Fire Island Lighthouse Ale

October 8th, 2009 by Aaron Goldfarb | 2 Comments | Filed in Brewer: Fire Island, Country: America, Grade: B-/C+, Style: Amber Ale

ABV unknown, bottled (seriously, why do breweries not list ABV sometimes?!  I detest that almost as much as I detest them not listing a bottling date, but I digress…)

As mentioned recently, I love New York local beers–not because I’m environmentally conscious or like to support the little guy–but rather because I’m a shameless homer.  So, not surprisingly, this past weekend while sorting through the morass of beers at the store, my eyes were immediately drawn to one I’d never seen before.  A handsome label and some nice packaging patter too.   And straight from the gay vacation mecca of the Empire State no less!  I was sold and obviously had to grab a bottle.

Oddly enough, this very same weekend, just a few hours later, at a birthday party, I ran into the very man who had crafted the beer’s label patter.  Aces!  This beer came out over the summer–and currently stands as Fire Island’s only offering–so I’m not sure why it seems to have only hit Manhattan just as football, playoff baseball, and fat tourists in ski jackets season has picked up.  It’s a decent offering, smells like a non-adjunct lager, a bit stinky on the nose, tastes of toastiness and caramel.  A tad thin and watery, but fairly flavorful for how easy drinking it is.

I never quite understand why new breweries enter the scene with such unambitious beer.

“Hey, want to join the thousands and thousands of breweries on the scene and open our own brewery?”

“Absolutely, but don’t most fail?”

“Yep, that’s why we need to dazzle everyone with our initial offering.”

“A boring and exactly to-style underhopped amber ale?”


Nevertheless, I’ll look forward to future Fire Island offerings–my newfound copy writer friend tells me an IPA is coming next from them–and I’ll keep supporting the local boys until they’ve turned me off at least a half-dozen times.


Rising Moon Spring Ale

January 28th, 2009 by Aaron Goldfarb | 10 Comments | Filed in Brewer: Coors, Country: America, Grade: F regular, Style: Amber Ale

5.4% ABV

To whom it may concern:

I’ve had a pretty good life.  Stellar health, insane handsomeness, an academic accolade or two, two wildly successful blogs, I’ve kissed a few girls (heck, kissed a few guys after Syracuse won the 2003 title), and once I was even kinda hit on by a drunken Kyra Sedgwick before Kevin Bacon arrived and whisked her into a cab.  I don’t have much to complain about.  But the weather outside is miserable, I’m turning 30 in thirteen day, and I just can’t take this cruel world any more.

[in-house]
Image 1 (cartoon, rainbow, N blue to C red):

To off myself I pour a glass of the shitty faux-microbrewery Blue Moon’s spring offering Rising Sun.  My friend, the late Taco Town Dave tipped me off to the poison-like qualities of this beer before it caused his ultimate demise just last weekend.  RIP TTD.

The smell is pungent, like one of those plastic squeeze bottle of fake lemon and lime juice.  No, even worst than that.  It’s downright zesty, like if one were to drink that powdered lemon dish detergent.  I recall in first grade when, to try and get her students excited (!) about learning to read, my teacher told us a s’posed-to-be apocryphal story about the adult illiterate who bought dish detergent thinking it was lemonade powder due to the lemon picture on the box.  That woman died.  Lesson:  if only she’d learned how fun reading is.  Teachers have such dumb teaching strategies.

I’m started to think if that illiterate really existed she had actually just bought Rising Sun.  I’m sure the autopsy couldn’t tell a difference.  The findings would probably be inconclusive.  Did she drink lemon dish detergent or Rising Sun?  My motor senses are slowing down, the poison quickly coarsing through my veins, affecting my CNS.  I’m typing with just my pinkie, the only appendage still with a range of motion.

I have about half the beer down.  My breath is gonna reek when they find my body.  Smells of cheap malts and foil.  I feel like I have ate a tin can.  If my leg muscles hadn’t paralysised I would walk to the bathroom and do a Scope gargle.

This is not a pleasant way to die.  I should have jumped off the GW Bridge, leapt in front of the A train, insulted Al Sharpton, anything else.  Getting this whole beer down is worse than waterboarding.  It’s like my uvula is being waterboarded by citric acid.  President Obama, please send this beer to Gitmo.  I hear there is some space now.

Four sips left.  My vision’s getting blurry.  Three sips.  I can feel my liver is failing.  Two more.  My heart is slowing as if I’m in a waking coma.  One.  My brain function is Teri Schiavo-ing…

Goodbye cruel world.  Hit “publish.”


AMG (1979-2009)


Sixpoint Hop Obama Ale

October 6th, 2008 by Aaron Goldfarb | No Comments | Filed in Brewer: Sixpoint, Country: America, Grade: B regular, Style: Amber Ale

5.2% ABV from a growler

Any one who is a drinker and also a cell phone owner has at one time or another also been a drunken cell phone loser. To steal a line from a friend, I am a professional cell phone loser. I thought I was too old for this shit, mature enough to–even wasted–hang onto my possessions and my dignity. But apparently not. For you see, I lost another cell phone Friday night. In fact, I think with over a decade of cell phone usage, I’ve only been able to hang onto one phone until I was finally done with it and actually ready to purchase a new one.

So here I present an ode to cell phones I’ve lost over the years. All while I had over-the-limit BACs of course. But I’ll claim that might be coincidence rather than causation. You can decide for yourself.